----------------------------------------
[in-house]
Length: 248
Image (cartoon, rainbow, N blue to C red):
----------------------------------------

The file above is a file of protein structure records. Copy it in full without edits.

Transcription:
[in-house]
Length: 248
Image (cartoon, rainbow, N blue to C red):